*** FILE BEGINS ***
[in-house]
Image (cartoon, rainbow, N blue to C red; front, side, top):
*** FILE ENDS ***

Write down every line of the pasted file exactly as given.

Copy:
[in-house]
Image (cartoon, rainbow, N blue to C red; front, side, top):